His speaker bio on the CPAC website notes that Aeba is the chairman of the Japanese Conservative Union (JCU), a right-wing political organization, and that he helped found CPAC Japan, which has been running for the last four years in Tokyo.  

What isn’t mentioned is the central role Aeba plays in a Japanese cult called Happy Science, whose leader believes he is the Messiah and sells “miracle cures” for COVID-19.

“Happy Science is a Japanese cult run by a man who claims to be the incarnation of multiple Gods while pretending to channel the psychic spirits of anyone from Quetzalcoatl to Bashar al-Assad to Natalie Portman,” Sarah Hightower, a researcher and expert on Japanese cults, told VICE News.

While he has been a prominent member of the Happy Science cult from the beginning, Aeba has worked over the past decade on building close ties with prominent U.S. conservative figures and creating Japan’s Happiness Realization Party (HRP), the cult’s political wing that focuses on ultranationalism and increasing Japan’s population by making child-rearing easier for Japanese women.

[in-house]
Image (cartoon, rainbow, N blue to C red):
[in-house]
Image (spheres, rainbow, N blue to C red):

In the 12 years since it was formed, the HRP has failed to get a single candidate elected to Japan’s parliament. But in recent years, under Aeba’s leadership, the group has gained more political legitimacy back home by aligning itself with right-wing U.S. figures like Steve Bannon and Matt Schlapp.